There are many different types of pastry, most are readily available to buy in the supermarket. Homemade pastry, when made properly is a real treat. Essentially an un-leavened bread dough with more fat, pastry can be difficult to master at first but is worth the investment. Many varieties have evolved over time from different parts of the globe, each with their own unique taste and texture. Here we give you an overview of the main types of pastry.
Most pastry variants fit into one of five categories:
Choux pastry – a cooked dough, choux pastry is most commonly associated with profiteroles, chocolate éclairs and the delectable gougère. The name derives from the French word for cabbage, a reference to how the pastry looks when cooked. Choux pastry has a high water content, and the steam causes it to rise during cooking to form a crispy outer shell and hollow middle.
Puff pastry – this is made by wrapping dough around butter, rolling out and folding, known as laminating. This results in a pastry that rises in the oven, and is very light and flaky. Traditional dishes that use puff pastry are apple tarte Tatin, mille-feuilles and rustic pies.
Shortcrust pastry – a fairly simple pastry, just flour, butter, water and salt are required to make the dough, the trick to making this pastry is not to overwork the dough as this will make it tough. Sweet shortcrust pastry also comes into this category; sugar is added and eggs replace the water for a pastry that is used in desserts.
Filo pastry – traditionally used in Middle Eastern cuisine, filo pastry is very thin, normally brushed with butter and used in multiple thin layers for a wonderful crispy finish. Filo pies and baklava are favourite uses for filo, while feuille de brick pastry – filo's even thinner cousin – is used to make classic Turkish börek.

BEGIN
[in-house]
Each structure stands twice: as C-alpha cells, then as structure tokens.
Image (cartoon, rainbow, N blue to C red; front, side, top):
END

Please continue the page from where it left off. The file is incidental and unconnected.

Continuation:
Hot water pastry – hot water pastry is normally used in hand-raised pies that require a firm crust such as pork pies and game pies. A mixture is made of flour, lard and hot water and moulded into the desired shape
Paul Heathcote demonstrates choux pastry at its finest with his Profiteroles with passion fruit cream and chocolate sauce, while Martin Wishart uses it in a savoury context in his Dauphine potatoes with crème fraîche.
For puff pastry recipes, look no further than Frances Atkins' Caramel mille-feuille for a dinner party dessert, Adam Gray's English quail and truffle pie for a decadent main course or Sally Abe's mid-week treat of Puff pastry pizzas.
Nathan Outlaw makes a fantastic chicken and mushroom pie with cheddar shortcrust pastry and Adam Stokes shows off the versatility of filo pastry with his Squid cornets with rosemary mayonnaise.
Emily Watkins keeps things traditional using hot water pastry in her Pork loin and black pudding wellington with Grandpa's cabbage.
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